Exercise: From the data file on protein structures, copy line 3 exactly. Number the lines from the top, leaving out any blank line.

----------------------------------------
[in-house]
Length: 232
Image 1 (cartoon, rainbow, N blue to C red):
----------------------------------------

Image 1 (cartoon, rainbow, N blue to C red):